FOR IMMEDIATE RELEASE
WASHINGTON - The American Civil Liberties Union today strongly urged Congress to reject a Bush Administration proposal to allow the Central Intelligence Agency and the military broad authority to spy on Americans and raised concerns about how the Administration attempted to push the proposal through a closed Senate hearing.
"Such a radical change in U.S. law must be never be debated behind closed doors," said Timothy Edgar, an ACLU Legislative Counsel. "This proposal would allow the CIA and the Pentagon to snoop through Americans' personal records with no oversight by the courts or Congress. It is dangerous and un-American."
The proposal was secretly tucked into an intelligence authorization bill now pending in Congress. Democrats discovered the language, which would allow the CIA and the military to use what are called "national security letters" to gather sensitive personal information about Americans, and raised strong objections to the sweeping provision during a closed Senate Intelligence Committee hearing yesterday.
National security letters, currently only a tool of the Federal Bureau of Investigation, are subpoenas issued by government agents that require Internet providers, credit card companies, libraries and other organizations that maintain records to disclose highly personal information like phone records, Internet surfing histories, financial records and e-mail logs. Such subpoenas are not subject to court approval.
Reportedly, Senate Democrats were able to get the provision temporarily pulled from the authorization bill but, according to the New York Times, Committee Chairman Pat Roberts (R-KS) said he would explore the issue further.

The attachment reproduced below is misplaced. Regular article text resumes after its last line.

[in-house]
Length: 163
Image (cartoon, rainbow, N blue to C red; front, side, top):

"Even during the deepest freeze of the Cold War, when fears of nuclear attack were at their peak, nobody thought to grant the CIA and the military such sweeping authority to spy on Americans," said Timothy Edgar, an ACLU Legislative Counsel.
In its 1947 charter, the CIA was prohibited from spying against Americans because, among other things, President Truman was afraid that it would engage in political abuse. During World War II, the Office of Strategic Services - the CIA's predecessor - had become known for its skill at blackmail, extortion and the collection of information through other dubious methods. President Truman feared the implications of such behavior during peacetime on America's basic democratic institutions. The policy against military involvement in law enforcement investigations is even more venerable. The Posse Comitatus Act of 1878 forbids military involvement in civilian policing, keeping troops focused on their military mission.
"We keep the FBI in check because agents generally want to make sure that information they gather about American citizens can be introduced as evidence in a court of law," Edgar said. "Military and CIA snooping would have no such natural firewall against the abuse of power."